Avoid The Superbug Part 3
by Robert Wood
Author: Robert. Wood
This is the third part of a guide to avoiding the MRSA superbug. MRSA is an infection that is more dangerous than similar illnesses because it is resistant to normal treatment. MRSA stands for methicillin-resistant Staphylococcus aureus (SA). SA is a type of bacteria and the fact that it is methicillin-resistant means it cannot be treated with antibiotics such as penicillin.
MRSA is no more infectious than other types of bacteria however, and one in three of us carry on our skin or in our nose. It causes skin infections such as boils, styes and impetigo, but is only really dangerous if it gets into the bloodstream when septicemia, joint problems and heart and lung infections can result. It spreads through physical contact, but generally only infects people with a weakened immune system. Hospital in-patients, particularly the elderly, newborn babies, and those with health problems such as diabetes, cancer or HIV/AIDS are most at risk.
How is MRSA diagnosed?
MRSA is diagnosed by testing blood, urine or tissue samples from the infected area. If MRSA bacteria are found, further tests are carried out to decide which antibiotics are most likely to treat the infection effectively. Many hospitals now test everyone who is admitted to see if they carry MRSA. Swabs from skin, the nose, and urine and blood samples will be testes and it can take three to five days for the results to come back. MRSA carriers will still be admitted, but doctors may give them additional treatment to reduce or remove the bacteria.
How is MRSA treated?
How you are treated depends on whether you are infected with the bacteria, or only a carrier of it. If you are infected you will be given the antibiotics that are still effective which are normally given either through injection or through a tube straight into a vein. Most cases require treatment in hospital and antibiotic
courses may last for several weeks. If you are an MRSA carrier you may also be treated, particularly if you need to have an operation. If doctors want to remove MRSA before you enter hospital a special antibiotic cream will be applied to your skin or the inside of your nose. You may also need to wash your skin and hair with an antiseptic shampoo and lotion.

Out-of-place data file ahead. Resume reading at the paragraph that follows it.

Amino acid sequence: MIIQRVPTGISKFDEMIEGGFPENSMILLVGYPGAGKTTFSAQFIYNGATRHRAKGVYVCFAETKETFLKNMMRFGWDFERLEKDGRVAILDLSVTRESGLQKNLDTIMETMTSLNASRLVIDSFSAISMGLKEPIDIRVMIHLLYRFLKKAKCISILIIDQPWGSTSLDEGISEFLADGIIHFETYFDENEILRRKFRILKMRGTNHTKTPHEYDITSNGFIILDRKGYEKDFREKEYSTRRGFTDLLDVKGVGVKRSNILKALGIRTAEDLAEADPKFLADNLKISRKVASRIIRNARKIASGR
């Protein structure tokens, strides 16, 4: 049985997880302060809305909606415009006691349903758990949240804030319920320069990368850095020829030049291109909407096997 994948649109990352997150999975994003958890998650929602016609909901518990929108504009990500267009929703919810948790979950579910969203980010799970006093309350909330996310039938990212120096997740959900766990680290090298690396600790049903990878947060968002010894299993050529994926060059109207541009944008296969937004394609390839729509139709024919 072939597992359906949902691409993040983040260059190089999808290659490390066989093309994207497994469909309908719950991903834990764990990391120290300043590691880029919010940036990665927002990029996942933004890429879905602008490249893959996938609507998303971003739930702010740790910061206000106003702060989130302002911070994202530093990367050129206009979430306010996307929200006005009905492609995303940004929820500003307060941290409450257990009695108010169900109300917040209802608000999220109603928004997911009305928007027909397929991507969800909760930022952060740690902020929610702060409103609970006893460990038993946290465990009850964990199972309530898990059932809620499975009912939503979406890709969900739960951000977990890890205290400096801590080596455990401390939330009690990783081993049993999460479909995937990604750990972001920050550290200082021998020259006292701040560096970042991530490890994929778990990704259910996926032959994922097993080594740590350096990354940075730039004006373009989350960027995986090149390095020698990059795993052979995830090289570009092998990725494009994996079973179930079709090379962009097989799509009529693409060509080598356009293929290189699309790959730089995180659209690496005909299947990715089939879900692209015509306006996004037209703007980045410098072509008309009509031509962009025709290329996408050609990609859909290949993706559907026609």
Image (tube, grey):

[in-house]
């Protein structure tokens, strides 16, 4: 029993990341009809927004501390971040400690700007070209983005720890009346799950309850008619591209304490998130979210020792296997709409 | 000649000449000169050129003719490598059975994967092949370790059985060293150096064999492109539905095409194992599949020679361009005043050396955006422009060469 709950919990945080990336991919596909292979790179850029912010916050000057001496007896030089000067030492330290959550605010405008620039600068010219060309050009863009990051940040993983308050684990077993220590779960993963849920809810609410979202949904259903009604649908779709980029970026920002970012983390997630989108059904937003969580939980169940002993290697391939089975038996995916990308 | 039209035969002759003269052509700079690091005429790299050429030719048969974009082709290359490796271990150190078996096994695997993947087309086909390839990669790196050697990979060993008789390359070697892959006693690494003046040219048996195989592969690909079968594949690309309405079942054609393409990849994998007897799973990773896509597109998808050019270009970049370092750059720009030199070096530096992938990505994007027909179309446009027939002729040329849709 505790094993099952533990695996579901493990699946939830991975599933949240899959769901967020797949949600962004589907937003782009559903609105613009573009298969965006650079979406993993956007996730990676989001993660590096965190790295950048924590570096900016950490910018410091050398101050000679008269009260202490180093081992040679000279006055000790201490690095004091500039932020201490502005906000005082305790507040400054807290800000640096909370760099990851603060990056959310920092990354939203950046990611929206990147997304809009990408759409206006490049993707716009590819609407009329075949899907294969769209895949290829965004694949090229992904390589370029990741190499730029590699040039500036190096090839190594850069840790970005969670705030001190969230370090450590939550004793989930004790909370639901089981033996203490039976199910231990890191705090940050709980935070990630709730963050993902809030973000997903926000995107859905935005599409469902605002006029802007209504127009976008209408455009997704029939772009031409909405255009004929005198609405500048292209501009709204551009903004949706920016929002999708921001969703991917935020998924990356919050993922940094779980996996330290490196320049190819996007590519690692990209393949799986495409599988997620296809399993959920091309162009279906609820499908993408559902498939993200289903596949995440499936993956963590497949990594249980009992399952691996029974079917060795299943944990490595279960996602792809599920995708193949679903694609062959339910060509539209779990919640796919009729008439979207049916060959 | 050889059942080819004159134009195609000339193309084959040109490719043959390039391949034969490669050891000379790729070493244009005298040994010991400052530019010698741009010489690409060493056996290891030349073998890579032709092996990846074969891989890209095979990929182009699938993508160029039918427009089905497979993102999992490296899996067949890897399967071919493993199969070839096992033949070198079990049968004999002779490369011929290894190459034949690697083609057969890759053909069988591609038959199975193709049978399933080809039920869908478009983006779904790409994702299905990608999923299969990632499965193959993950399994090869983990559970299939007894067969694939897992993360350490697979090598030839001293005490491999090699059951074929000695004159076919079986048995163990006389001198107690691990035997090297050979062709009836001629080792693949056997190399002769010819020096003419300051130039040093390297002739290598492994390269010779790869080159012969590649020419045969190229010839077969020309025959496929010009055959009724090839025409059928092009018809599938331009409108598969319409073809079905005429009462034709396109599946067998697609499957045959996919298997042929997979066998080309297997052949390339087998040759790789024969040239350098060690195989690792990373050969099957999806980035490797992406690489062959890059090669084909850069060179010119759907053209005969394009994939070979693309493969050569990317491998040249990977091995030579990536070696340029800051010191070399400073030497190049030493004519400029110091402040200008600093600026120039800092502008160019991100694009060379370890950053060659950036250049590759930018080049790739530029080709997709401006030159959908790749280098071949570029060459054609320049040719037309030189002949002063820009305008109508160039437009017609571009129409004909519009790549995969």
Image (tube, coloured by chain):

How can MRSA be prevented?
MRSA is usually contracted through human contact, often via the hands, so you should also make sure to wash your hands thoroughly before and after visiting hospital. Staff treating MRSA patients should always maintain high standards of hygiene. Before and after caring for any patient, hospital staff should ensure their hands have been thoroughly washed and dried.
Many hospitals now use antiseptic solutions such as alcohol rubs or gels, and you may find dispensers at entrances and by patient's beds for use by staff and visitors. Staff should also wear gloves when in contact with open wounds - for example when changing dressings, handling needles or inserting an intravenous drip.
What can I do to stop MRSA?
If you are prescribed antibiotics you should always make sure that you complete the full course so that all bacteria are killed off and none can survive to develop a resistance. If you are in hospital, you should also try to reduce the risk of infection by ensuring your own cleanliness. Always wash after using the toilet, and keep your hands and body clean. Take soap, a flannel and moist hand-wipes with you, as well as your own razor.
If you are concerned about hygiene, then do not be afraid to ask staff, or your visitors, if they have washed their hands. Make sure your bed area is cleaned regularly and report any unclean toilet or bathroom facilities to staff.About the Author:
Robert Wood - Make a Medical Negligence Claim.
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